Last night I dreamt I went to Manderley again…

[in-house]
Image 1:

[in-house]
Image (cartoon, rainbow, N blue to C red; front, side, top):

Actually last week I was whisked off by the husband to Frenchman’s Creek. I had been suffering from anxiety dreams again, you know the ones. I would find myself standing up before a packed lecture theatre pontificating about the exhibtion when I would suddenly look down and discover that I had forgotten to get dressed that morning. Yes I was actually stark naked in front of hundres of people – not a pretty sight. I would wake up in a cold sweat, clutching the duvet cover and start to sob. Despite the husband’s reluctance to embrace British holidays (the product of too many years as an ex-pat in exotic but quite frankly scary locations) he decided to take matters into his own hands. I packed porridge, my Harris Tweed and walking boots – embracing my inner Margaret Rutherford I would stride out along the Helford river, hailing the handsome young blonde to take me across to the local hostelry in his water taxi. Ordering a fish and chip supper and a pint of the county’s finest, I reflected that there could be no better place to be. I took the opportunity to spend a day in Newlyn, visiting the Penlee House Museum and Art Gallery – I wanted to reacquaint myself with the Newyln school artists and those evocative images of working women and men. As I walked around the gallery I was reminded of my paternal grandmother who always wore a clean pinny over her cheap cotton frock. As a child I would be entrusted to her care when my mother wanted 5 minutes peace. My housebound grandmother would give me a bowl of water and a tea cup to occupy myself, sometimes I would be sat at the window and told to count the cars as they drove past. If I was especially good, and promised not to tell my mother, my grandmother would read the tea leaves or my palm or tell me horrific stories of how she had the ‘evil eye’. Paradoxically, my grandmother, a devout Catholic, would receive the priest once a week, carefully removing her pinny in deference to a man of God. In the introduction to the exhibition catalogue I have included one of Walter Langley’s paintings ‘Tender Grace of a Day that is Dead/ (1880). I have the catalogue open on my desk now and as I stare at the image I realise that the woman and child in the painting are echoes of myself and my grandmother all those years ago.

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